In this post, I would like to share some ideas about how to develop a face recognition-based biometric identification system using OpenCV library, DLib and real-time streaming via video camera.
In order for the system to function, it’s necessary to implement three steps. First, it must detect a face. Then, it must recognize that face nearly instantaneously. Finally, it must take whatever further action is required, such as allowing access for an approved user.
My teammate in the video explains the idea in general, and below you can read a more detailed description.
The facial recognition process begins with an application for the camera, installed on any compatible device in communication with said camera. The application is programmed in Golang, and works with both Raspbian and Ubuntu as a local console app. When the application is first launched, it requires being configured using a JSON config file with Local Camera ID and Camera Reader type.
This application is then able to use computer vision and a deep neural network in order to find a prospective face within its stream. There are two primary effective ways to do so: The first is the TensorFlow object detection model and the second is Caffe face tracking. Both these methods have functioned well, and are a part of the OpenCV library.
Once a face has been captured, the cropped image will be relayed with an HTTP form data request to the back end. This facial image is then saved by the API, both on the local file system and in the detection log, appended with a personID.
On the back end, an algorithm identifies records where ‘classified=false’ and uses the Dlib function to generate the 128-dimension vector that details this face’s attributes. The algorithm then cross-references this vector with all of the facial entries in the database using Euclidean distance in order to discover whether this new face is a match with any faces on record.
Pictured below is a representation of the Dlib function’s code, with the index points corresponding to parts of the face.
After calculating Euclidean distance, the algorithm will either generate a new personID for an unknown type person (if the distance is greater than 0.6) or marks the face as classified and matches the personID (if the distances is less than 0.6).
When a face turns up as unidentified, this image can be relayed to a manager or supervisor along with a notification via a chatbot in a messenger program, or some other means. The manager or supervisor would be presented with an array of options on how to handle the situation from that point forward.
Facial records are available for after-the-fact management through Admin Panel. This space will contain a linking of all recorded images with their ID numbers. It’s possible to create a database of all relevant employees’ facial images, which can be put into the database before the system goes live.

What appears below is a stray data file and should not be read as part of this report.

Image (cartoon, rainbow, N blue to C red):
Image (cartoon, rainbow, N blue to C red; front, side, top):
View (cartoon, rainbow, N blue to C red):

One issue that potentially arises is that of scaling. In our case there are about 200 entries in the database, so the system can seamlessly process and recognize faces instantly. Things become more complicated when databases swell into the tens of thousands of entries, or if multiple cameras are required. Processing speed will slow down if no countermeasures are taken.
Fortunately, parallelization offers a solution. It’s possible to create a load balancer and multiple Web workers which are able to work at the same time. This allows the database to be divided into subsections, which produces significantly faster search results.
The following is a summary of both the technologies implemented and the overall structure of this facial recognition solution.
API requests within the solution use RESTful API, and back end employee data collection uses MongoDB Collections and Golang. It would be possible to use a regular workstation setup to test the solution.
It’s important to note that supporting security measures can and probably should enhance facial recognition. An image of a face is far easier to obtain than a retinal scan or fingerprints. If the security needs are vital enough, taking extra anti-spoofing measures ensure that no one is able to defeat a facial recognition system with a photograph or image of a face.
Significant quantities of data can be worked with by this solution, and others like it. Assuming an enterprise were able to coordinate with well-articulated business needs, data science models would be able to deliver business insights.
Face recognition is only the beginning of implementing this method. A human face is just one of the objects to be detected. Other objects can be identified in the same manner. For example, it can be vehicles, furniture items, flowers, animals, if a DS model is created and trained on dataset with the objects.
Moreover, it’s possible to develop a multimodal biometric system, combining two or more biometric credentials, for example, face and voice recognition. I will write about this in my next article.
Most popular Data Science and Machine Learning courses — August 2020. This list was last updated in August 2020 — and will be updated regularly so as to keep it relevant
Simple explanations of Artificial Intelligence, Machine Learning, and Deep Learning and how they’re all different
Artificial Intelligence (AI) will and is currently taking over an important role in our lives — not necessarily through intelligent robots.
Data Augmentation is a technique in Deep Learning which helps in adding value to our base dataset by adding the gathered information from various sources to improve the quality of data of an organisation.
In this article, I clarify the various roles of the data scientist, and how data science compares and overlaps with related fields such as machine learning, deep learning, AI, statistics, IoT, operations research, and applied mathematics.